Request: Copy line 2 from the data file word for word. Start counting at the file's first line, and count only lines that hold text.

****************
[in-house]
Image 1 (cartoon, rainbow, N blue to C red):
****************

Image 1 (cartoon, rainbow, N blue to C red):